The remaining works on the disc are more clearly functional yet they are all saved from the 'humdrum' by neat little touches of individuality by the composer. The "Suvorov Overture" refers to Alexander Suvorov who was one of the great Russian military commanders of the 18th Century. Apart from his skills as a soldier it can be imagined that his 'common touch' was something much celebrated in the Soviet era by word if not in deed. In this work Kochurov does not try to be specifically programmatic instead he uses the title to allow him to write what can only be described as a 'Classical Comedy Overture' in the same way that Prokofiev’s Symphony No.1 is 'Classical'. Again, it's difficult to think of another Soviet work with this genuine light-hearted feel. There seems to be no 'side' to the humur neither does it seems false or forced. This is the neoclassical world of Respighi or Grieg in Holberg-mode. Textures are light and clear with contrapuntal writing to the fore. Kochurov passes the musical material deftly around all the instruments of the orchestra in a genuinely charming way. The final peroration is a tad formulaic in its use of sequences and lets the rest of the work down somewhat.
With the "Solemn March" Kochurov wears another hat-this time it is the ceremonial march of Tchaikovsky. But thankfully it avoids the cliches of so many similar 'great occasion' Soviet marches. The orchestral brass enjoy their fanfares but again the string playing lacks real finesse. This is far more quirky than similar works; it is more jaunty than solemn. The fun is in the counter-melodies and how he orchestrates them. Even the last work, which is my favorite (with its daunting title "Heroic Aria") proves to be more impressive than one might think. It suffers from a far inferior recording, and from a different engineer apparently. The orchestra sounds far more distant and harsher. In Olesya Petrova they have a young Russian mezzo-soprano whose voice combines the best of traditional Russian singing values, rich, resonant and vibrant. She has a fairly dreadful text to sing; "Leningrad troops are marching to do battle against evil invaders" is one of the more deathless couplets. But again Kochurov seems to have found a way of setting it that has the ring of sincerity. It should be no surprise that this occupies more of a predictable sound-world but it manages to feel more like an operatic aria than propaganda piece. Petrova sings it with conviction and the orchestration lifts it far above the run of the mill. There is a beautiful poignant but brief passage for two clarinets that alone justifies the worth of the whole work.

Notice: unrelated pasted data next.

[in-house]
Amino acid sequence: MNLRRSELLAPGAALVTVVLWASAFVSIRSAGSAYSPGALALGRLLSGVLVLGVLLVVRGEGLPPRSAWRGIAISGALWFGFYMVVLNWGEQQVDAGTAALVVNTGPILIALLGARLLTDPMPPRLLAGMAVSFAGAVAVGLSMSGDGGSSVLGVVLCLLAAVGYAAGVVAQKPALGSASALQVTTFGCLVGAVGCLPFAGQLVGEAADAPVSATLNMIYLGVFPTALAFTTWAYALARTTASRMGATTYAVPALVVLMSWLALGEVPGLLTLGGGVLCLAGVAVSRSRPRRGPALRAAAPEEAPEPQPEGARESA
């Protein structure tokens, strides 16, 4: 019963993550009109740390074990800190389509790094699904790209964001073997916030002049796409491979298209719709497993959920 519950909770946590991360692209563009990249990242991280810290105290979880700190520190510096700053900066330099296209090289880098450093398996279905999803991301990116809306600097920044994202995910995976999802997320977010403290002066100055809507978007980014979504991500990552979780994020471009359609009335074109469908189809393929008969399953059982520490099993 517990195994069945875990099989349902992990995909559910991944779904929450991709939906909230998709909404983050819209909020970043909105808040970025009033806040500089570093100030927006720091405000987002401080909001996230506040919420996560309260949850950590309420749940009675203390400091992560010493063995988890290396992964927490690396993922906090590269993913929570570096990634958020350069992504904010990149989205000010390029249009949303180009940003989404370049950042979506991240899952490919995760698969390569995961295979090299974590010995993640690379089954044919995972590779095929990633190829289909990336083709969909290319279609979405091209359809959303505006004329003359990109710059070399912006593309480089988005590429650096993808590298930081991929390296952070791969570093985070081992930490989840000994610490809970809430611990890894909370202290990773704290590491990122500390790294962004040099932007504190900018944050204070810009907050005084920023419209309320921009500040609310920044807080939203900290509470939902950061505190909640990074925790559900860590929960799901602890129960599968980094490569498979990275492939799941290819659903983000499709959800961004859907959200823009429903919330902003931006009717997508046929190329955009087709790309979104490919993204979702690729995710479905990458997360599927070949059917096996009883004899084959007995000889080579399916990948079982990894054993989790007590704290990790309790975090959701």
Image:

The liner notes don't at all explain Kochurov’s early death in 1952 (the disc lists it as being 1951 but that is incorrect) at the age of just 44. It is easy to speculate that his work did not find favor among the establishment with all the implications that had for Soviet artists. The notes mention other scores for the theatre that include a Tristan and Isolde, Don Quixote and Boris Godunov...that would make for an intriguing disc!